About the history of Mykonos island, Greece
Mykonos owns its name to the son of the King of Delos, Mykonos. In fact, the history of Mykonos in the antiquity was much connected to the history of the neighbouring Delos. According to mythology, Hercules, in one of his twelve tasks, was fighting the Giants and, having killed them, he threw them in the sea where they petrified and turned into huge rocks, forming the island of Mykonos. Being in the shadow of the prosperous and spiritual island of Delos, where Leto was believed to has given birth to god Apollo and goddess Artemis, little things are known for Mykonos during the Ancient Times.
We know, from excavations in the ancient site of Ftelia, that the first inhabitants of the island were Cares, succeeded by Phoenicians, Egyptians and then Minoans who were followed by the Ionians. The ancient Mykonos developed a great culture and in fact the earliest amphora of the ancient times has been discovered on Mykonos and it is known as the Mykonos vase. In 1207, like the rest of the Cyclades, Mykonos came under Venetian rule. The Gizi dynasty took the authority of the island and built a Castle for its protection. A century later, Georgios Gizi, the last Venetian ruler, concede the island of Mykonos to Venice. In 1537 Mykonos, with most of the Cycladic islands, came under Turkish domination.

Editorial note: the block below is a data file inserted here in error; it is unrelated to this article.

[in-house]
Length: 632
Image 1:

Because the inhabitants of the island were great sailors, they provided an important help to the War of Independence, offering their 22 ships, their 500 members of the crew and their 140 canons to the Greek Revolution against the Turkish yoke. The heroic revolutionary figure of Mykonos is a woman, Manto Mavrogenous who financed the Revolution, helped in the organisation of fights, participate to the Filiki Etairia (a secret revolutionary organisation) and managed to organise troups in order to revolt against the Turks in 1822.
After the Greek Independence, the economy of the island was completely destroyed and it lost all its ships. Later on, the island succeeded to reinforce their commercial power to rebuilt the economy using the textile, as the most important source of income for the families. In fact, the textile of Mykonos was of such high quality that it was traded around Greece and abroad. Tourism in Mykonos started to flourish in the early 1960s, when it became the favourite shelter for the artists and later for the hippies. The archaeological site of Delos became a great attraction and today, Mykonos has become one of the top tourist destinations in Greece. The various classical ruins, ancient sites and other findings are closely associated to the history of Mykonos.
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